One woman told me about the work, “It is a reminder that the moment of happiness for us is a win outside of all the defeating moments. It’s a reminder it is OK to smile … that happiness is OK, not that you giving up but winning. Maintain your humanity.” I utilize a lot of humor, sarcasm; I think my scenes are quiet.

And what I am working on now, a long-term assignment from UNHCR on Syrian refugees in Jordan.

It is not allowing for a lot of humor at the moment. Now I am banging my head how to tackle this story, and where do you go after the image of Aylan Kurdi, the Syrian refugee washed ashore in toddler sleep position on a Turkish beach.

Maybe my attempt to utilize humor in my photography is a wishful approach in my work, as right now, living in a place where friends and family are being displaced or directly affected by the unfolding violence. It’s too close to home.

I am over the moon by my first U.S. Book review at the thoughtful intelligent hands of writer/editor/photographer Jen Tse. Thank you Olivier Laurent and time light box. Now the book is born and seen!

Occupied Pleasures shows humanity’s ability to find pleasure in trying circumstances
time.com

 

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State of Emergency declared by Palestinian Red Crescent: 14 ambulances targeted by Israel

Posted on: October 7, 2015

State of Emergency declared by Palestinian Red Crescent:

14 ambulances targeted by Israeli force

77 Palestinian youth fell by live bullet in a single day of demonstrations

Scores detained on administrative charges

PRCS Declares a State of Emergency following the escalation of the attacks against Palestinians and its ambulances in the Past 72 hours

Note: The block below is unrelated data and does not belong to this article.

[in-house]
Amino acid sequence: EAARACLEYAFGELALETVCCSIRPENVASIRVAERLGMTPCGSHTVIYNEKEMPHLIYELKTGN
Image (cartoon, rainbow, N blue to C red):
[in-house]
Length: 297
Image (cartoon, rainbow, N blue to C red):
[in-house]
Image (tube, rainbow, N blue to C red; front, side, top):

(Al-Bireh-4/10/2015): PRCS declared a level 3 state of emergency in the West Bank, including East Jerusalem, in response to developments on the ground and increased attacks by occupation forces and settlers.

PRCS also activated its central Operations Room at its HQ in Al-Bireh, with all PRCS’ staff, teams and volunteers put on standby.

PRCS announced that fourteen attacks were carried out against its staff and vehicles by occupation forces and settlers in the West Bank and the Gaza Strip in the past 72 hours, in a serious escalation of violations against PRCS, its teams and the humanitarian services they render.

Tanya Habjouqa shared this link

Amid a worrying escalation of violence in the West Bank, the Palestinian Red Crescent Society has declared a ‘State of Emergency’ following attacks against Palestinians and its ambulances over the past 3 days.

palestinercs.org|By Palestine Red Crescent Society

On Sunday the 4th of October, Israeli occupation soldiers attacked a PRCS’ ambulance in the line of duty in front of Al Quds University in Abou Diss, firing rubber bullets and tear gas grenades at it. (Palestinian university students are shared the uprising, possibly a third Intifada)

On the 2nd of October, occupation soldiers attacked an ambulance in Al Eissawiyeh to the North of Jerusalem.

They then proceeded to arrest an injured Palestinian from inside the ambulance.

In Boureen (Nablus Governorate), settlers prevented a PRCS’ ambulance from discharging its humanitarian duty and smashed its windshield.

The next day, 5 PRCS’ paramedics were beaten up by soldiers in Jerusalem.

That same day, another group of soldiers attacked with their batons another PRCS’ ambulance in the Old City of Jerusalem.

Also on the same day, occupation soldiers severely beat another ambulance crew in Jabal Al Taweel (Al-Bireh), wounding two paramedics.

They then kidnapped an injured Palestinian from inside the ambulance, firing tear gas grenades and rubber bullets at it.

PRCS underlines that these practices constitute a blatant violation of key IHL provisions, mainly the Fourth Geneva Convention of 1949 on the protection of civilians in time of war, which legally applies to the oPt.

This Convention affords protection to the personnel engaged in the search for, removal and transporting of and caring for wounded and sick civilians.